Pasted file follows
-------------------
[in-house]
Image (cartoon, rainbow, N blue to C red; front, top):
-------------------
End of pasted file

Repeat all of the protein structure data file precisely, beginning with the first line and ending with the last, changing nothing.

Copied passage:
[in-house]
Image (cartoon, rainbow, N blue to C red; front, top):